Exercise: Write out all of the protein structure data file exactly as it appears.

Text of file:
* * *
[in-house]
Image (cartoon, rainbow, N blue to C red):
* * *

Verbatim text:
[in-house]
Image (cartoon, rainbow, N blue to C red):